The week in higher education – 8 September 2016

The good, the bad and the offbeat: the academy through the lens of the world’s media

September 8, 2016
The week in higher education cartoon (8 September 2016)

Cornell University’s youngest-ever student, who made headlines last month, has now started his course at the Ivy League institution, aged 12. Jeremy Shuler, the homeschooled child of two aerospace engineers, is finding classes “kind of easy” so far, the Associated Press reported on 2 September. Jeremy said of his engineering course at the university: “I was nervous at first, but I’m a lot more excited than nervous now. As Mommy said, all the kids in math camp were older than me, so I’m used to having older friends. As long as they like math.”

Theresa May’s morphing into Margaret Thatcher has continued apace with a visit to meet one of the Iron Lady’s favourite academics. Having channelled the former prime minister in her dispatch box drubbing of Labour leader Jeremy Corbyn in July, Ms May took another leaf out of Baroness Thatcher’s playbook by touring the University of Warwick’s industrial research labs with Lord Bhattacharyya, the Coventry Telegraph reported on 1 September. The new prime minister’s tour included a look at one of the world’s most-advanced driving simulators, a human-powered submarine built by students and plenty of photo opportunities in Warwick’s high-tech centres. If Ms May sticks around in No 10, expect plenty more trips to the labs of Lord Bhattacharyya’s Warwick Manufacturing Group, which Lady Thatcher visited three times while in office.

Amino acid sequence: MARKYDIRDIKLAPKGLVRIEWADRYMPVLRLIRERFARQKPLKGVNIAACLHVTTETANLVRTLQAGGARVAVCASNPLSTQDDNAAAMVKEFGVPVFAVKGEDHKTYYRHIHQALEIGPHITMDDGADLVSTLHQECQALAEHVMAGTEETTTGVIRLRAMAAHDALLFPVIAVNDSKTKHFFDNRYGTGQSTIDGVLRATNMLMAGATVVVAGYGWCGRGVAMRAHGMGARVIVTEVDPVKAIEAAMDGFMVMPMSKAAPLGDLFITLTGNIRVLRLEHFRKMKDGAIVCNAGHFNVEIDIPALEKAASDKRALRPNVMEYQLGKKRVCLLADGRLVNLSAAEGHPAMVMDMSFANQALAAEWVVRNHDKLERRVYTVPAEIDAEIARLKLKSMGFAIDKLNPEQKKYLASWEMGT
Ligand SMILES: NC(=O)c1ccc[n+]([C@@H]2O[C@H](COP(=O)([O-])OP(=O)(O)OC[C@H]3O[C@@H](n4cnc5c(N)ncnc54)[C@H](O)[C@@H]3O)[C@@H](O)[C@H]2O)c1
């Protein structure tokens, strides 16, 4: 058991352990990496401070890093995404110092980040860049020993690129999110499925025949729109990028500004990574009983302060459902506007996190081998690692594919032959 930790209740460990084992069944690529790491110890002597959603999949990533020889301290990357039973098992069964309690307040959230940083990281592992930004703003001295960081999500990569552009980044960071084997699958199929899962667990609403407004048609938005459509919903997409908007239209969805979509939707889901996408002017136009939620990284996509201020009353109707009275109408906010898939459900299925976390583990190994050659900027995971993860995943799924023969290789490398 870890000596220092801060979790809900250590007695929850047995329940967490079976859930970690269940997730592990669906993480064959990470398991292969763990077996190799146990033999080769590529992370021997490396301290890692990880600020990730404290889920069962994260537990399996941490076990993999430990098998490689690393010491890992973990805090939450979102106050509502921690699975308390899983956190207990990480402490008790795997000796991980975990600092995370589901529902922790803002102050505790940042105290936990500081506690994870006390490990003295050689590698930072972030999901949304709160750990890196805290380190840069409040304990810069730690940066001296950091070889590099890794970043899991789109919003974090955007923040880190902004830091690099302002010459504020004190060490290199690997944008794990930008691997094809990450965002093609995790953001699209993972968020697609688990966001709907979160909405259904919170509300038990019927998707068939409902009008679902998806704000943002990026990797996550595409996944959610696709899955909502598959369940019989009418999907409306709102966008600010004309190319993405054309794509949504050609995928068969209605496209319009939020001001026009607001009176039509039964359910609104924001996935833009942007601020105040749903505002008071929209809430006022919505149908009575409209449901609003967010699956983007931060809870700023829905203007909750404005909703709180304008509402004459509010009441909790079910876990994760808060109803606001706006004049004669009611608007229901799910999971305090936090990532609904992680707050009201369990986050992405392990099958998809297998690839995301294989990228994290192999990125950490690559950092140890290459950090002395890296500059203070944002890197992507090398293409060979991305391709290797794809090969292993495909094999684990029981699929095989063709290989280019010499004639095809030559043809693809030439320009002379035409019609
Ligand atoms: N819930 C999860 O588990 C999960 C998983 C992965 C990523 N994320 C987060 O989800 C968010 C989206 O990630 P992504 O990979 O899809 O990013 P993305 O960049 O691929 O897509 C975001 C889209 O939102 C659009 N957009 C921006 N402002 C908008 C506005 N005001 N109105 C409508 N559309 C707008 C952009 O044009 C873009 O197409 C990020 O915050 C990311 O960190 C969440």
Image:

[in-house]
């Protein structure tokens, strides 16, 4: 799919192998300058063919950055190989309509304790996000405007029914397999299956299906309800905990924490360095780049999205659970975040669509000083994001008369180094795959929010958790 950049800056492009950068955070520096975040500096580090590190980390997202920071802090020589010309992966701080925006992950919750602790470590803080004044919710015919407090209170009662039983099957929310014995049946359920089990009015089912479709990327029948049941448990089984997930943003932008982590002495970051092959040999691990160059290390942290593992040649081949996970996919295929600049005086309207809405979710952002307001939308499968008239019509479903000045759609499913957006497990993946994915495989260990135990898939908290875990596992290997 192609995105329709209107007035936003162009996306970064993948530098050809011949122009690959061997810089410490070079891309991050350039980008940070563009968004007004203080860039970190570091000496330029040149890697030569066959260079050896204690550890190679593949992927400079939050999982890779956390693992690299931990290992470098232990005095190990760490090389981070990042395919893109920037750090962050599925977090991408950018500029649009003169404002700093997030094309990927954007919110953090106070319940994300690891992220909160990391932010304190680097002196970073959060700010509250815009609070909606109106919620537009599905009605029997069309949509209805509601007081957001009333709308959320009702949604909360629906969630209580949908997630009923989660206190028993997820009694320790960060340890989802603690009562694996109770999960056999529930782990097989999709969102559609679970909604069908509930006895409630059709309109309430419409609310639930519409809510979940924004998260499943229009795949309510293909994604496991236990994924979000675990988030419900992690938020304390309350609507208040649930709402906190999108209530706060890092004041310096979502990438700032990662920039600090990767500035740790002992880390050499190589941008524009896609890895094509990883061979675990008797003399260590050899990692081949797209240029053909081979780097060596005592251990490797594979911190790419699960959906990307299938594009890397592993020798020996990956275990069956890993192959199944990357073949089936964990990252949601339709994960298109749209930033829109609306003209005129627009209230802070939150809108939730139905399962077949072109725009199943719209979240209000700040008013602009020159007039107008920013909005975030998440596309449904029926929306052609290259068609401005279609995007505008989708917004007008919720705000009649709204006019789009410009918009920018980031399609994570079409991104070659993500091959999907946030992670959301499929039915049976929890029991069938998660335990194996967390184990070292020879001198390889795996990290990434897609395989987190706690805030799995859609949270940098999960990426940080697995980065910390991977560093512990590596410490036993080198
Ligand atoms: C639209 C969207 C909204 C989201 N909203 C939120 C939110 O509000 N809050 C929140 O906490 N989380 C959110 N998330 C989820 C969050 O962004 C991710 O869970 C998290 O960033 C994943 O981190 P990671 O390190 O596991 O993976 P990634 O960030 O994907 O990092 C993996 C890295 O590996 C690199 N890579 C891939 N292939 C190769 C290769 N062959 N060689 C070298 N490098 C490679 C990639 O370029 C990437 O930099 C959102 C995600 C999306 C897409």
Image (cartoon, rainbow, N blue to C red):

What links burkini-clad bathers on France’s beaches and UK graduation ceremonies? According to The Daily Telegraph’s Allison Pearson, both are now part of a “clash of cultures” that raise profound questions about multiculturalism and our acceptance of alien and sexist customs as the norm. In an opinion piece on 30 August, Ms Pearson explained how a friend, referred to only as Jackie, had been taken aback to see female Muslim students wearing gloves to shake hands with a university principal at a London graduation ceremony. “You think how weird is it that a university, of all places, is pandering to a minority instead of saying, ‘I’m sorry, but this is how we do things here’?” said Ms Pearson’s friend. Ms Pearson presented a scenario that few have considered until now: “How long before the university decides to dispense with handshakes at its graduation ceremony lest it cause offence to those who won’t participate?”

Online media giant Vice made a foray into higher education by launching its “most evil British university awards” on 1 September. Among those on the shortlist were the University of Oxford for its refusal to take down the statue of “raging racist” Cecil Rhodes and the University of Cambridge for, among other things, using outspoken historian David Starkey in its promotion material. But the top prize was shared between University College London and Goldsmiths, University of London, with each institution scoring a five out of five “evil rating” in part thanks to rising student rents. “UCL, Goldsmiths, you are so very evil that we couldn't agree on a definitive top place,” explained the US-based website, calling on the “deeply flawed, dishonourable winners [to] wear your iniquitous nature on your sleeve for all future students to see”. This is not a category that will be found at November’s Times Higher Education Awards, whose shortlist of the sector’s outstanding achievers was announced on the same day as Vice’s alternative list.

An engineering professor posted a sarcastic trigger warning on course information for the new term. “TRIGGER WARNING: physics, trigonometry, sine, cosine, tangent, vector, force, work, energy, stress, quiz, grade,” Peter Schwartz wrote in his information for students at Auburn University in Alabama. “I think trigger warnings are a joke to begin with and I wanted to see what one might look like in an engineering course,” Professor Schwartz told local news site on 31 August. “Looks kinds of silly, doesn’t it?”

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